LSO/Davis, Barbican, London

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The Independent Culture

It perhaps seems churlish to complain again about the London Symphony Orchestra's (LSO) policy towards new music, when the capital's premier band is about to embark on two weeks with Pierre Boulez.

It perhaps seems churlish to complain again about the London Symphony Orchestra's (LSO) policy towards new music, when the capital's premier band is about to embark on two weeks with Pierre Boulez. But even with the greatest champion of modern music alive today, the LSO is playing works predominantly from the early and mid-20th century, which Boulez has conducted in London many times before.

In its Barbican season, which began with the concert under Sir Colin Davis, the orchestra is offering no music by living composers of major significance, of any persuasion, apart from Boulez himself. Almost all the premieres this year form part of an ongoing series of concertante works composed for the LSO principals. This scheme is a laudable one, giving new works to these outstanding players, who get insufficient opportunities to shine as solo musicians. But the choice of composers to fulfil these commissions is frankly bizarre.

Richard Bissill, whose Sinfonia Concertante for trumpet, horn and clarinet was premiered in London, is the long-serving principal horn of the London Philharmonic Orchestra. He writes idiomatically for each of his three solo instruments and very effectively for a large orchestra.

But Bissill's basic materials, drawn from mid-20th century mainstream styles and familiar from much film music of that period, is banal and unmemorable, and - in elaborating it into three movements lasting just more than 20 minutes - he almost always settles for the most obvious, even cheesy solutions. The trumpeter Rod Franks, horn player David Pyatt and clarinettist Andrew Marriner played marvellously. But I could name 50 - perhaps 100 - British composers who would be pretty much guaranteed to have made a more interesting job of this high-profile commission for the Lord Mayor's Concert.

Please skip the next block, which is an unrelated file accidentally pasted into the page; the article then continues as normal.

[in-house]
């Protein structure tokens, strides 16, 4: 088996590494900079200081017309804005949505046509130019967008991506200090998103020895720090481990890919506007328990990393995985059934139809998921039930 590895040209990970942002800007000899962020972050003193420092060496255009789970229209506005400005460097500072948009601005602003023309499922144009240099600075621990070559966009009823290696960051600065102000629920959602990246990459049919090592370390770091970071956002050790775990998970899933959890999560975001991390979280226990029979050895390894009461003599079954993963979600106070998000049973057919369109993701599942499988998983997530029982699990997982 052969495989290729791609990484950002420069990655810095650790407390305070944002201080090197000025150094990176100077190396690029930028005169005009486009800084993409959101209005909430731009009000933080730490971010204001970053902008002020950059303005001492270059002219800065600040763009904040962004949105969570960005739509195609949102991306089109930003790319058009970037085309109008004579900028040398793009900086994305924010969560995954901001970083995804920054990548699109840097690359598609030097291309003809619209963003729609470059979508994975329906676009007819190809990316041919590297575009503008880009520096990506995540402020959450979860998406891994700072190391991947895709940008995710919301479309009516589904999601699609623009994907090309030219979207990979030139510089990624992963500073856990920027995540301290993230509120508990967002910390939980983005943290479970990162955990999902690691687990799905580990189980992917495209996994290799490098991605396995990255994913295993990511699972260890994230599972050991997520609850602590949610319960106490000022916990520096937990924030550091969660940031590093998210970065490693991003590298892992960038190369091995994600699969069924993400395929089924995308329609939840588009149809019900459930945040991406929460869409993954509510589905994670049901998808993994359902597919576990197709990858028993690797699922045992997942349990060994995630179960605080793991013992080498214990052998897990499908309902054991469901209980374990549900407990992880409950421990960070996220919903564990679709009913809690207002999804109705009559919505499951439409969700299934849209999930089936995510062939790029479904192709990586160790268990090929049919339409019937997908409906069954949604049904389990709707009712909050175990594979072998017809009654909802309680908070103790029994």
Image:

Maxim Vengerov and Davis's account of Beethoven's Violin Concerto was, on a technical level, almost faultless. Davis took the first movement at a sedate tempo, and his soloist later hinted that he just might be finding it too slow. But while Vengerov's penetrating clarity secured moment-to-moment detail and a sense of symphonic evolution, the performance had about it the air of passion relentlessly contained. I had the feeling that, next evening, when the concert was to be repeated, this interpretation would be exactly the same.

Strangely unmoved by the first movement, I was relieved to find the second more flexible in tempo and phrasing; while the finale, though still a bit heavy-handed, at last offered a real sense of immediacy and of give and take between soloist and orchestra. Davis and his players concluded proceedings with an enjoyably characterful reading of Dvorak's most genial symphony, the Sixth; the silky strings and creamy woodwind in the slow movement provided a particular pleasure.

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